Many visitors are surprised to learn that the Smithsonian Institution includes a number of outdoor museums. All have been designed to complement the museums they border and to enhance the overall museum experience of learning, appreciation, and enjoyment. From mid-April through September there are weekly garden tours available (weather permitting).
The Pollinator Garden features different habitats and informational signage about pollinators. A significant objective in the Pollinator Garden is to emphasize natural plant/pollinator partnerships. All of the plants, grasses and trees in the garden were specifically selected for providing nourishment and shelter to pollinator insects.
Located directly above the National Museum of African Art, S. Dillon Ripley Center, and Arthur M.Sackler Gallery, the 4.2-acre Enid A. Haupt Garden is actually a rooftop garden. It comprises three separate gardens, each reflecting the cultural influences celebrated in the adjacent architecture and the museums below.
The Courtyard Garden is an elegantly designed outdoor space that invites relaxation and quiet contemplation within the gallery. In 1906, Charles L. Freer, a Detroit railroad-car manufacturer, donated his exceptional collection of Asian art and works by James McNeil Whistler to the people of the United States.
The Smithsonian Gardens greenhouse facility is the permanent home of Smithsonian Gardens’ Greenhouse Nursery Operations. It serves as the base of production and maintenance of plant material for the gardens and horticultural exhibits throughout the Smithsonian Institution. It houses the Smithsonian Orchid Collection, tropical plant specimens, and interior display plants, and also includes a greenhouse devoted to nectar plants used for the Butterfly Pavilion at the National Museum of Natural History.
The Heirloom Garden at the National Museum of American History, Behring Center, is a treasury of favorites from what may be considered the classic American flower garden. Heirloom varieties, defined as open-pollinated plants rather than hybrids or genetically altered plants, are showcased in the terrace beds at the Mall entrance of the museum.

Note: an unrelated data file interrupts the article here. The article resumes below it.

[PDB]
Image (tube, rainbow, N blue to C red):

Financier Joseph H. Hirshhorn donated his extensive modern art collection to the Smithsonian in 1966, with the stipulation that an outdoor sculpture garden be part of the new museum. Transformed by season, time of day, and even weather, the garden provides an ever-changing backdrop and contemplative haven for viewing over 60 large-scale works of art.
The Kathrine Dulin Folger Rose Garden adorns the east side of the Smithsonian Castle and the main façade of the Arts and Industries Building. From mid-May through November, roses grace the garden with color and fragrance. Bulbs, perennials, annuals, tropical plants, potted herbs, and evergreens enhance the garden's year-round beauty.
Located between the Arts and Industries Building and the Hirshhorn Museum and Sculpture Garden, the Mary Livingston Ripley Garden is a horticultural display of hundreds of varieties of annual and perennial plants, unique hanging baskets, and unusual trees and shrubs.
The landscape at the National Air and Space Museum includes more than seven acres of trees, shrubs, groundcovers, and herbaceous perennial and annual plants. Set in multiple tiers of walled terraces, the plantings are intended to provide year-round seasonal interest to museum visitors and staff.
The grounds surrounding the National Museum of the American Indian are considered an extension of the building and a vital part of the museum as a whole. By recalling the natural landscape environment that existed prior to European contact, the museums landscape design embodies a theme that runs central to the museum returning to a Native place.
The Castle building is surrounded by two exhibition gardens, the Enid A. Haupt Garden and Folger Rose Garden. These gardens showcase containers of plants, 19th century garden furniture, seasonal plantings and fountains.
Plant and animal diversity is a sign of a healthy ecosystem. This garden is an oasis for many bird species; it provides for their basic needs; food, water, shelter, and a place to raise their young.
Located on the National Museum of American History’s east side, the Victory Garden is typical of vegetable gardens created during World War II, when growing food for home consumption was an important part of the war effort.